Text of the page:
I herd the kids into the car and rush off to the boy’s school. Perpetually late, I can’t ever seem to get him there on time, not when the girl has a breakdown before leaving because her toes have worn holes in her sparkle shoes or the baby requires a third outfit change in 10 minutes because she’s wearing her breakfast yogurt. She’s smeared a little bit atop her head too, but that will have to wait. I collect her hair into a tiny top knot and wrap a band around the little bun to keep it in place, yogurt and all.
After I drop the boy off, the girls and I grab a quick breakfast before gymnastics. The girl somersaults and practices her bear crawl across the beam, and then we head to the grocery store. The baby is at the age where she’s intent on asserting her independence. She fusses in the cart and refuses my attempts at baby wearing, so I decide to try to let her walk. Commandeering a cart with one hand, directing the baby with the other and instructing the girl with verbal cues, we make our way through the aisles. Just five minutes later, the baby trips and hits her chin. She wails … for 15.minutes.straight until I finally guide all three of us into a corner with a chair and sit down to nurse the little one. Eventually she sleeps, and I gingerly attempt to wrangle her into the carrier without waking her. We gather the rest of our groceries, and with one hand holding the baby’s sleeping head and the other reaching into the cart, I unload the groceries at the check-out with awkward dexterity and the slightest bit of anxiety. People stand behind me in line, and I silently wonder why no one offers to help.
We pick up the boy and head home. Nearly there I see flashing lights pulling behind me, and I look down to see that I’m exceeding the speed limit. It’s just par for the course, I suppose. We finally arrive home, and I walk in to find that the dogs have destroyed their dog bed, and remnants of polyfill litter the floor. The hubbie has a business dinner, so he won’t be home till late. It’s just me, three kids, two dogs, sacks of groceries to unload and polyfill to tidy. I feel like pulling the covers over my head.
This was my Thursday, friends. It could have been your Thursday too, or perhaps your Monday or Tuesday or Wednesday, hopefully sans the speeding ticket. Even if your scenarios are different, you likely have similar challenges … kids that demand more than you have to give, circumstances that leave you exhausted and anxious, jobs to tend that you’ve barely the energy to muster.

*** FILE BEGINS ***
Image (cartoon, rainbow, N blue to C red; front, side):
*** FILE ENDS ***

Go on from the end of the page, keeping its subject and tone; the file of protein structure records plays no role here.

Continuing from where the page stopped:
I turned on a show for the older two then took the baby into our room. Deep breaths … Breathe in. Breathe out. In. Out. Repeat. Shoulders relaxed, the anxiety lessened.
I rested beside her, and her breathing steadied. Breathe in. Breathe out. In. Out. Repeat. And as she succumbed to sleep I snapped a pic of she and I because there are two women (here and here) who are encouraging mamas to embrace the camera, and I think it’s a wonderful thing … archiving moments with our children that actually show us in the shot.
And then when I glanced at the images, a slight miracle occurred. I realized with startling clarity that despite the circumstances of my day, God had planted beauty all around me. The older two in the other room, the baby sleeping beside me, the husband blessed with a job that provides … the blessings in my life are rich and plentiful. I’d been so focused on the trivialities of my day, and my bitter heart badly needed a change in perspective.
We all have circumstances that test our resolve and stretch our patience. Moments that make us crawl into the closet and cry. Sometimes those tears are the tangible expression of an aching heart. But sometimes a proper perspective regarding those circumstances can help transform them from an albatross into an opportunity to see blessings disguised in the ordinary.
I’m not negating the hard stuff. The hard, humbling stuff is there. I’ve written about it at length, and there are times when it’s just too thick to see beyond. But sometimes if we simply change our perspective, pray that God would open our eyes, we’ll see beauty arising out of the everyday mess. Seek and ye shall find. Seek truth, seek beauty, seek a perspective that sees the blessing in the midst of the mess. The eyelashes resting on the cheeks of the baby who was just squalling five minutes ago, the laughter that echoes through a trail of toys, the provision of food that requires a sink full of dirty dishes … everyday blessings often concealed by the monotony of the mundane.
So today, I want to challenge you to seek a change in perspective. When little demands require your time and attention, when challenges seek to steal your joy, when anxiety threatens to usurp your peace, choose to focus on the gifts God has given you. For a grateful heart uproots bitterness.
“Every good and perfect gift is from above, coming down from the Father of the heavenly lights, who does not change like shifting shadows.” – James 1:17
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